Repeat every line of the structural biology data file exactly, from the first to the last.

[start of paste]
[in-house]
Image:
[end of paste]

[in-house]
Image: